A U.S. intelligence official said Panetta has not ruled out reviving an effort to develop a similar close-range capability in closer collaboration with lawmakers.
"If the United States ever needs something like this in the future, we'll find better ways to build it," the U.S. intelligence official said. "That includes briefing Congress earlier on. Panetta understands all that. He's an aggressive proponent of counter-terrorism, pushing tools and tactics that work and have the support to be sustainable. This one didn't."
Leading Democratic lawmakers have said it was illegal for the CIA not to disclose the program to intelligence committees, and called for an investigation.
"Individuals who ordered that Congress be kept in the dark should be held accountable," Sen. Russell D. Feingold (D-Wis.), a member of the Senate Intelligence Committee, said Monday. Feingold also said he had expressed "deep concerns about the program itself" in a classified letter to President Obama.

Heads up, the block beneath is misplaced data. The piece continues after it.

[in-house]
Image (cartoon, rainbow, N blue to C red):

Sen. Dianne Feinstein (D-Calif.), the chairwoman of the Senate Intelligence Committee, said the former vice president may have broken the law by instructing the CIA to keep the program secret.
But current and former U.S. intelligence officials said that Cheney's role has been mischaracterized, and that the agency was not obligated to disclose the program because it was never close to being operational.
The former officials said that Cheney was never involved in managing the program, and that his instruction not to brief Congress came shortly after the initiative was first proposed.
"It was more like, before you go around and start talking about this, see if it is something you can make happen," said one of the former officials.
Legal authorities for the program were grounded in a comprehensive memorandum that President Bush signed just days after the Sept. 11 attacks, a 10-page document giving the agency powers to pursue Al Qaeda targets with lethal force.
A 1976 order signed by President Ford banned the CIA from carrying out assassinations. But that prohibition does not apply to killing enemies in war.